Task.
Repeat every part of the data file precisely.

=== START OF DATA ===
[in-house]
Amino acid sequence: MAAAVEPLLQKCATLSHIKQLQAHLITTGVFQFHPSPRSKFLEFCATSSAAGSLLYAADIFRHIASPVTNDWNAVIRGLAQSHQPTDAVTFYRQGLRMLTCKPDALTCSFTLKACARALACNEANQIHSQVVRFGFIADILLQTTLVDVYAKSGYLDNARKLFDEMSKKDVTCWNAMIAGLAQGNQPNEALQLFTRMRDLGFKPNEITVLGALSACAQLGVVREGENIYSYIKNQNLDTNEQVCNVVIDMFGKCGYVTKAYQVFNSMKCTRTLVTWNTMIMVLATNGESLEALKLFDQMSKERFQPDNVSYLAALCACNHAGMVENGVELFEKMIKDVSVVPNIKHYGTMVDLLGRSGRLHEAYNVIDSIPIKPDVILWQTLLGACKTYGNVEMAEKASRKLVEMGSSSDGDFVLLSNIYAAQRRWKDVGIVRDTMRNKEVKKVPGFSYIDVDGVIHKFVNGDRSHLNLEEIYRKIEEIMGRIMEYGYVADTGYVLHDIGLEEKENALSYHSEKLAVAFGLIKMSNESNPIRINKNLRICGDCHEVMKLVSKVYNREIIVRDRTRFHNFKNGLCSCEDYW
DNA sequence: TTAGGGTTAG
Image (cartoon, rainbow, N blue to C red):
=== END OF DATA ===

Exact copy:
[in-house]
Amino acid sequence: MAAAVEPLLQKCATLSHIKQLQAHLITTGVFQFHPSPRSKFLEFCATSSAAGSLLYAADIFRHIASPVTNDWNAVIRGLAQSHQPTDAVTFYRQGLRMLTCKPDALTCSFTLKACARALACNEANQIHSQVVRFGFIADILLQTTLVDVYAKSGYLDNARKLFDEMSKKDVTCWNAMIAGLAQGNQPNEALQLFTRMRDLGFKPNEITVLGALSACAQLGVVREGENIYSYIKNQNLDTNEQVCNVVIDMFGKCGYVTKAYQVFNSMKCTRTLVTWNTMIMVLATNGESLEALKLFDQMSKERFQPDNVSYLAALCACNHAGMVENGVELFEKMIKDVSVVPNIKHYGTMVDLLGRSGRLHEAYNVIDSIPIKPDVILWQTLLGACKTYGNVEMAEKASRKLVEMGSSSDGDFVLLSNIYAAQRRWKDVGIVRDTMRNKEVKKVPGFSYIDVDGVIHKFVNGDRSHLNLEEIYRKIEEIMGRIMEYGYVADTGYVLHDIGLEEKENALSYHSEKLAVAFGLIKMSNESNPIRINKNLRICGDCHEVMKLVSKVYNREIIVRDRTRFHNFKNGLCSCEDYW
DNA sequence: TTAGGGTTAG
Image (cartoon, rainbow, N blue to C red):